Ramirez ready for fresh start with Dodgers

Ramirez ready for fresh start with Dodgers

Published Jul. 25, 2012 7:20 p.m. ET

ST. LOUIS — Hanley Ramirez walked into the Dodgers clubhouse at Busch Stadium just after 4 p.m. Wednesday, fresh off a plane from Miami and excited for a clean slate.

He then went out and tripled in his first at-bat with his new club and later lined an RBI single to center in the Dodgers 3-2 12-inning loss to the St. Louis Cardinals.

Ramirez, who has played all but two of his 945 big league games with the Miami Marlins, was shipped to the Dodgers along with left-handed reliever Randy Choate in exchange for talented young starter Nathan Eovaldi and minor-league pitcher Scott McGough.

"I felt comfortable," Ramirez said after the near four-hour game that finished a long and surely memorable day. "It's a great group of guys here and I just went out there and played hard. I'm happy to be here.

"I've been feeling pretty good at the plate lately so I just have to keep it up and finish strong."

The 28-year-old Ramirez moved from shortstop to third base with the Marlins to make room for the signing of Jose Reyes but struggled to find any consistency at the plate. He hit .246 with 14 home runs and 48 RBI in 93 games with Miami.

But Wednesday's trade gives Ramirez the chance for a fresh start — and likely a return to shortstop in the near future.

"It's a new beginning," Ramirez said. "I think everything is going to change."

Batting fifth and playing third base, Ramirez went 2-for-4 with a triple, RBI and walk in his Dodgers debut. He tripled off the wall in center field with one out in the second inning and scored on a sacrifice fly from James Loney a batter later.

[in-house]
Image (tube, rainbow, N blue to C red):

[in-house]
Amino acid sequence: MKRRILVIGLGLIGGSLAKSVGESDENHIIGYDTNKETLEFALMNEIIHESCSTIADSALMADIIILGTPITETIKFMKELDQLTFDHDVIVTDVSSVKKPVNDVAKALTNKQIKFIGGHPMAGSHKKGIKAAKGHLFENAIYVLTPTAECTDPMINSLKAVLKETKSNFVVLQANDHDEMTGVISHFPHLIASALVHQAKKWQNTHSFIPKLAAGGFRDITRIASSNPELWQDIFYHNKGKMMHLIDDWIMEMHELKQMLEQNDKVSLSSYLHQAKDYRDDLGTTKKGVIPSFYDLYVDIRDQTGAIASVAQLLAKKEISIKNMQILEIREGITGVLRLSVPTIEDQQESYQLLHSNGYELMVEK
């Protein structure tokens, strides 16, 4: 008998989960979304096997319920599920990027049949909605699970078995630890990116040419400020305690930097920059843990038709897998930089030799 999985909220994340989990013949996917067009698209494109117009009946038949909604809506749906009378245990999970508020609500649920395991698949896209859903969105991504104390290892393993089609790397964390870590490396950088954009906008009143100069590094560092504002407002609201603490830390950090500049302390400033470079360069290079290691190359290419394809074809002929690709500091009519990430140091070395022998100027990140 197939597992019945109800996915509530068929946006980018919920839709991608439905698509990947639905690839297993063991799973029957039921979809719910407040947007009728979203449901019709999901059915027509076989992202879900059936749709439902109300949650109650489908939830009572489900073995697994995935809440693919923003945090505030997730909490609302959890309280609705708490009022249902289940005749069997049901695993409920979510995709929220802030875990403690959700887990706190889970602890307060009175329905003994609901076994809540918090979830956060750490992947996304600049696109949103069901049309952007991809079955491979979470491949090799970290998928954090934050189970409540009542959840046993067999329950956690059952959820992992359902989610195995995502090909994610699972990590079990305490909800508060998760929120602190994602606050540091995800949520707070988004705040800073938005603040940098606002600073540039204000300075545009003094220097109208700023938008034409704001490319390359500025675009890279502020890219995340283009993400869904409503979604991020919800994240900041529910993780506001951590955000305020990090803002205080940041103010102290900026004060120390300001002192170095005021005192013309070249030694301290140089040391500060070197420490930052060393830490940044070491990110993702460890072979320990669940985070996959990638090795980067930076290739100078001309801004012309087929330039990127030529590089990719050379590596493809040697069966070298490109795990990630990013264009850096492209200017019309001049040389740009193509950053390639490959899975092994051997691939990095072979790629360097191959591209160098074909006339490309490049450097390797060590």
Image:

Ramirez nearly homered in the fourth inning, hitting a towering fly ball that was caught at the edge of the warning track by Cardinals left-fielder Matt Holliday. He singled home Mark Ellis with a hit in the sixth inning to tie the score at 2. He walked to lead off the 12th inning but was stranded at first.

"Hanley is legit," said Dodgers manager Don Mattingly, who was ejected for arguing a questionable strike zone during a pitching change in the tenth inning. "The guy can play. At the end of the day, that's going to be a good trade. This guy is legit. His body is live, the ball jumps off his bat. We got a good player today."

The slugger had played his entire seven-year career at shortstop before sliding to third base this season when the Marlins signed Jose Reyes in the offseason.

But with Dodgers shortstop Dee Gordon out until at least mid-August with a broken right thumb, manager Don Mattingly indicated that his new acquisition will likely move back to his more comfortable spot at shortstop in the next few days.

"What makes us the best team?" Mattingly said. "Is it Hanley at third? Is it Hanley at short? That's what we're after. We're after the best team we can put on the field every day and Dee is in for that, he knows this is a competitive world we're playing in. Hanley said he wants to win and is willing to play anywhere, so that's where we're at."

Mattingly said Ramirez will move to shortstop once he becomes comfortable with his new surroundings and his old position. And the move will be done partly because the Dodgers have more options to rotate in at third base than at shortstop.